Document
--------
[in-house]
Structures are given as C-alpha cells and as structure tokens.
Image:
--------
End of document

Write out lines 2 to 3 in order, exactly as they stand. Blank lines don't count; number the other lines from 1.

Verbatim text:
Structures are given as C-alpha cells and as structure tokens.
Image: